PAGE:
21.1.10

Gone with the Wind.

Wow, 10 more little heads! A big thank you to everyone who is following me. And if you are not following me, I hear it's a good time.

Gone With The Wind He's Just Not That Into You (The Newly Expanded Edition): The No-Excuses Truth to Understanding Guys

I'm a fan of melodrama. (Can I say that?) Margaret Mitchell's Gone with the Wind is so subversive. It is one of my favourite books. The movie may be better than the book.

When I was a girl, Scarlett O’Hara was a big influence on me. (This is probably unfortunate.) I loved Scarlett's selfishness, and how she tries to control her sexual and economic fate. (Just as women struggle to do today.)

The story about Scarlett’s crush on the unavailable Ashley is popular for the same reasons why He’s Just Not That Into You was a bestseller. (In my formative years, a book like He's Just Not That Into You would have been helpful.)

And when I was older, I realized how dreamy Rhett is. (In a lusting for an alpha male way.) I empathized with Scarlett, especially when Rhett says one of the most memorable lines in literature (“Frankly, my dear...”).

But of course Scarlett can’t be allowed to get away with threatening gender roles and the status quo. Just like in Shakespeare's The Taming of the Shrew, Scarlett the woman must be put in her "place". This is another reason why Gone with the Wind remains so popular.

I still admire Scarlett’s tenacity. For years, I lived by her mantra.

I'll think of it tomorrow, at Tara. I can stand it then. Tomorrow, I'll think of some way to get him back. After all, tomorrow is another day.

Gone with the Wind was published in 1936. It is more about the prevailing attitudes of the 1930s than those of the Civil War. We still are grappling with the issues that are raised in this book. Can women take control of their sexual identities? Can women be wives and mothers, and also have a career?

I'm not a fan of Sarah Palin, and I might be stretching with this comparison. But just think about this. Palin is like a present-day Scarlett O'Hara. She is a beautiful, selfish, tenacious woman. She had lots of suitors (the Republican nomination). Now she has gone to Fox (Atlanta), to seek her fortune, and some day, probably after a traumatic event, she will need to return to Alaska (Tara).

Some people complain that the portrayal of African Americans, especially in the film, is racist, but the story needs to be considered within the context of its time. Just like Shakespeare, or any great literature.

Here are some stunning photos from the film:

Flixster - Share Movies

Flixster - Share Movies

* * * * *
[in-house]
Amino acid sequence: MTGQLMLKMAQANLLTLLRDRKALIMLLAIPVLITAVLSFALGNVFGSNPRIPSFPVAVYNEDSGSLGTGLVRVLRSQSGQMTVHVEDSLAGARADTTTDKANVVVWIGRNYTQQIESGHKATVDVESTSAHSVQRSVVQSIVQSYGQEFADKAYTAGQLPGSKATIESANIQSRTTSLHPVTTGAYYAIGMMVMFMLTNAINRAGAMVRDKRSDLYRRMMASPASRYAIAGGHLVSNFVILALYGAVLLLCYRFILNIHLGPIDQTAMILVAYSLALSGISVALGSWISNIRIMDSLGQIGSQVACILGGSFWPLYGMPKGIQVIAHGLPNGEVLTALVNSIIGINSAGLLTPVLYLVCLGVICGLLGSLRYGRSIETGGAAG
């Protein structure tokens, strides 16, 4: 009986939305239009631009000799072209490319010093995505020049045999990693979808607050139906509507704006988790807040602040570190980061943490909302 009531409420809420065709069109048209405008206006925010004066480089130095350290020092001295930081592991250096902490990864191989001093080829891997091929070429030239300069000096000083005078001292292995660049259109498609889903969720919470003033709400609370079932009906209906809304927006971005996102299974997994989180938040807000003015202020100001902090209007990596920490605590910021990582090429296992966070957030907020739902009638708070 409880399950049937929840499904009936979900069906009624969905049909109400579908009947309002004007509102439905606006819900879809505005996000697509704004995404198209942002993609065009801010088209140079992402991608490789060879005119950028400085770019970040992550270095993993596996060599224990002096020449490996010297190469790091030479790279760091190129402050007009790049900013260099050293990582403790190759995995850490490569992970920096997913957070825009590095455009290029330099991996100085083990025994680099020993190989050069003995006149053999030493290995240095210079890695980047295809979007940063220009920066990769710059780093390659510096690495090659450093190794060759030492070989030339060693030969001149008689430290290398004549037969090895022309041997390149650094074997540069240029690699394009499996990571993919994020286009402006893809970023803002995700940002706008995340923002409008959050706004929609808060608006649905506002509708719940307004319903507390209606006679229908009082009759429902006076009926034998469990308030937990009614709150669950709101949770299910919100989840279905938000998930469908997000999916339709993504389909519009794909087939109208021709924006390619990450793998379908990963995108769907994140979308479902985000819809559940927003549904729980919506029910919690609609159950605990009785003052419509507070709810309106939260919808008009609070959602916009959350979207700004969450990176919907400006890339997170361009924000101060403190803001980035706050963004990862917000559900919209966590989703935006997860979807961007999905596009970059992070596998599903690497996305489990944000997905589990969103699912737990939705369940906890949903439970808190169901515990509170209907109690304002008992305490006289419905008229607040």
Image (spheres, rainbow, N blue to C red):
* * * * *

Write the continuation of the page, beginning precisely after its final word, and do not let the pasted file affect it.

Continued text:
Flixster - Share Movies

Flixster - Share Movies

12 comments:

Secret Mom Thoughts said...

I have never seen this movie. It is on my list to see this year. The photos from the movie are fabulous.

From AA to NZ said...

Wow.

The pale observer said...

Wow - Sarah Palin as a modern Scarlett O'Hara? That was a brave comparison :)

I think we'll all struggle to come to terms with all our roles. It will never fall easily into place unfortunately :(

injaynesworld said...

Yeah... not seeing the whole Palin/Scarlett comparison thing, but always loved the movie.

Café Chick said...

I read Gone With the Wind as a teenager and was so proud of myself for making it all the way through without 'cheating' and just watching the movie! Both versions have captured me, but Vivien Leigh's portrayal as a woman who rebelled against society in so many ways, yet was ultimately vulnerable herself, was absolutely priceless.

Suzy said...

The third picture down? In the carriage leaving Atlanta? That was the first scene shot in the movie because Selznick didnt have his Scarlett yet. AFter testing everyone in Hollywood and being unhappy with all of them and behind in his shoot echedule, he shot that scene first.

If you'll notice, there is no closeup and she's seen in silhouette. During that shoot, Selznick's brother brought him Vivien Leigh and he just knew he had found his Scarlett.

A closeup shot of her in the carriage was shot after the initial scene that is pictured on your blog.

From AA to NZ said...

In response to Suzy's historical notations: just recently watched a documentary about the making of GWTW which was fascinating too - especially if you think the movie is almost perfect.

Sarah said...

Scarlett and Rhett are the topic of many conversations (and arguments) in our household. Scarlett rocks. She did what she had to do to survive.

A psychoanalyst could make millions off Scarlett. She had this thing with her dad. And that carried on with the men in her life. Also, though some of that was the times.

Frankly Scallop, I don't give a clam.

Sweet Jane said...

First of all - way to add 10 heads! Totally deserved, I heart your brain.

And 2nd of all, I'm down with the Sarah/Scarlett comparison. I shudder at the thought of that 'Maverick' but I think you're right on, and it might explain some of the fascination we (as a country, specially the middle) have with her.

And 3rdly - I just enjoyed the whole post. REally good stuff.

Sweet Jane said...

um, by country I mean mine (us-uv-a) and I don't mean to be all judge-ee about middlers of said country. It's just that red thing i'm talking about. ok. I'll stop.

Spencer L Casey said...

I'm all over "Tomorrow is another day." But the middle of that bit bugs me. "Tomorrow, I'll think of some way to get him back."

Really? Come on S.O. you're young, intelligent, beautiful and have amazing tenacity. He's just not that into you.

LOL! Sorry. I'm entertaining my tired mind.

Cheers,

SLC

April @ Random said...

Dislike the Palin/Scarlett comparison, but must say I am a HUGE GWTW fan as well.

Read the book 5 times, seen the movie 56 times. Crazy, I know.

Just went to Atlanta and Jonesboro to see the museums, etc. Check out my post of photos:
aprilatrandom.blogspot.com

April
@aprilrueber